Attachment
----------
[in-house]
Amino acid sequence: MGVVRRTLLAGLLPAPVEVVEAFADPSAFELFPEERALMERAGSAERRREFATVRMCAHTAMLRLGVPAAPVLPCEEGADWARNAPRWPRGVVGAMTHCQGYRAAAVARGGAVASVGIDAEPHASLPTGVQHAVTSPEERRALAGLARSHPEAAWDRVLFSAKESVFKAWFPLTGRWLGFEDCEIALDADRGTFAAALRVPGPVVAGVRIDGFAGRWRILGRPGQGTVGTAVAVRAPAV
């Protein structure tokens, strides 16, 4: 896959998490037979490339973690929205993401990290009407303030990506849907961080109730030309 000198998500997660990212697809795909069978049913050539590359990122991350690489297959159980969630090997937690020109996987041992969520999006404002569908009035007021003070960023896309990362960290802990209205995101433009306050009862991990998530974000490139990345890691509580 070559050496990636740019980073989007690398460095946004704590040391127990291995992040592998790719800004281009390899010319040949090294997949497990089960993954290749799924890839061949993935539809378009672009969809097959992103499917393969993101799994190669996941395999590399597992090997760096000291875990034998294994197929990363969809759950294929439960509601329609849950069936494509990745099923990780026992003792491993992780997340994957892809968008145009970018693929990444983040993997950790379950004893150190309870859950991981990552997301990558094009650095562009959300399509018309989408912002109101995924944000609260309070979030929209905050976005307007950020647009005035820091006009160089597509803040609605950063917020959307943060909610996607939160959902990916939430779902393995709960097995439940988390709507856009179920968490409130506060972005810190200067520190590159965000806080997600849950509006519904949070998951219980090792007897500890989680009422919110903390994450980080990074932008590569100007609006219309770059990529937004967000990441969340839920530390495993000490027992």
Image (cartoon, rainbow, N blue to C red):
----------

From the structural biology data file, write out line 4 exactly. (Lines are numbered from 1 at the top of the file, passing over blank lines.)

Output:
Image (cartoon, rainbow, N blue to C red):